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Responsibility for microharm

Risk assess for the small stuff
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Most national legal systems place safety responsibility on the developer/provider of a new product or service. For technical systems, Engineering Safety Management (ESM) is the activity of assessing any risk of harm associated with a system, to ensure that it is acceptable.

Quantitative risk assessments total up the risk of harm by combining severity and probability: that is, if you have a potential event that causes (say) multiple fatalities, it can only be acceptable if it is shown to be very low probability; conversely, an event that causes only minor injuries might be acceptable at a higher probability.

That gives rise to a conceptual "tariff" table, where say 1 fatality is equivalent to 10 serious injuries is equivalent to 100 minor injuries and so on, but the lowest level of harm is usually taken as a minor injury.

I'm suggesting an extension of this downward to include "microharms" - the annoyance and irritation suffered by users of a poorly designed system/product - as a quantifiable measure of harm.

Suppose 1 microharm = 1/1000 of a fatality...

Take for instance, the deletion of the headphone jack on later iPhone models: it causes minor irritation to perhaps millions of users. It may only be 0.01 microharm, but affects very many people negatively.

I'm suggesting that apparently trivial harm affecting very large numbers of users has an overall net impact on mental health and wellbeing, and should be considered in a similar way (or in an extended framework) to system/product safety assessment of more harmful risk.

Frankx, Jul 16 2021

Assessment of functional safety https://en.wikipedia.org/wiki/IEC_61508
IEC 61508 - see Hazard and Risk Analysis for example [Frankx, Jul 16 2021]

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       It's impossible to perform this function better than the market already does. Those who purchased said devices reluctantly or not did choose to do so. You can't protect a man from his own idiocy and poor choices, I should know.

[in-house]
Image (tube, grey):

Voice, Jul 16 2021

       Voice is spot-on with his comment about markets. At least as far as features you know about and choose. And when it comes to things people might not knowingly choose, after they're discovered class action lawsuits often perform the assessment of microharm.   

       Manufactures colluded on pricing CD-ROM drives and you unwittingly bought one at an inflated price? You might have gotten $10 pay-out some years later... Seems like a microharm (and micropayment) to me.
a1, Jul 16 2021

       Markets also suffer from oligopolies and other catastrophes. Hence the reason we still have Oracle.
RayfordSteele, Jul 18 2021

       Free markets don’t in themselves produce safe products. The incentive to maximise profit means producers will minimise expenditure on safety, maintainability and useability unless regulated.   

       I could start a list of examples…
Frankx, Jul 18 2021

       Pakaging is going to take a hit.   

       But only 5% of the people mentally harmed need the payment to stop the nervous breakdown. The harm varies across the normal distribution.   

       Nature and our designed enviroments are full of harms. It is life to navigate them in ones' own particular way. Experiences, personal fabric on the traverse to death.
wjt, Jul 30 2021


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